“Lucifer…Lucifer…”

   Gone are the blackened mountains replaced by ivory cliffs of the second realm. Gone are the cries of human souls wailing throughout his brimstone kingdom. And as he longingly searches for the memory of his paradise lost, he hears it, the softest of sounds. His breath catches as he clings to the faint echo of melody. He clutches the memory, grasping for it, focusing all his will onto it so that it cannot escape him like all the times before. The rhythm. The beat. Satan’s horns bend to the sound of fire, frantically listening for the harmony that plucks at his heart—and then it is there. First softly, then gradually the pulse of its sound rises. Like the dawn. Like that of the Morning Star…

   The drumbeat. The rhythm.

   A cold wind suddenly swirls all around him, viciously swiping at him, cutting off his thought. It lashes out at him, whipping the words down upon him, “Not worthy anymore…”  

Written by: #CorinaMarie

(Corina Marie Zurcher is an actress, producer and screenwriter.)

(Property of NeverMore Publications, LLC. © Copyright 2013)

Buy Archangels: Book I

Image

Advertisements

The Archangel Raphael

Published July 1, 2013 by RowanMeir Films

Writing the character of Raphael in Archangels was one I looked forward to every time I picked up pen to paper. When I began the rigorous journey of conducting research on the nine divisions of angels written about, philosophized upon, and debated over and why, the ninth division of angels: the archangels–the warrior angels made up of seven Seraphim–didn’t have equal amount of information on all seven angels as I had originally thought would exist. Michael and Gabriel dominated the research I poured over through the three main religions of Christianity, Judaism and Islam. Uriel was pretty dominant in Kaballa; Sariel, Raguel and Jeremiel had very little information; while Raphael, however, popped up solely in the Book of Tobit–one of the Deuterocanonical books that was originally in the official Greek translation of the Old Testament, but was eventually left out over time.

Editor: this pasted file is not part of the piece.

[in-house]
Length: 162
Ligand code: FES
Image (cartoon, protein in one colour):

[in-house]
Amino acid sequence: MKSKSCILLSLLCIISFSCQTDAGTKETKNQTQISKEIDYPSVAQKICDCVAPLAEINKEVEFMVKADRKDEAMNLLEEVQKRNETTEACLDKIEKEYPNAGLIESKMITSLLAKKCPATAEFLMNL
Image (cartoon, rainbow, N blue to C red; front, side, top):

“So the prayers of them both [Sara and Tobit] were heard before the majesty of the great God…and Raphael was sent to heal them both, that is, to scale away the whiteness of Tobit’s eyes [for he was blind], and to give Sara the daughter of Raguel for a wife to Tobias the son of Tobit, and to bind Asmodeus the evil spirit….”

– Book of Tobit (3:16-17)

While reading the Book of Tobit, I quickly jotted down notes as to how to utilize the tidbits of information revealed about Raphael and how he could be recreated in both the screenplay (and later the book) to be someone “relate-able.” I didn’t have to dig too deep since Raphael made himself relate-able to mankind in this book by transforming himself into human form: